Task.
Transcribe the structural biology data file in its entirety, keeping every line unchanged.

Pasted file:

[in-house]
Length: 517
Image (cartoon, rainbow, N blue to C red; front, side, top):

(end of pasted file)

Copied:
[in-house]
Length: 517
Image (cartoon, rainbow, N blue to C red; front, side, top):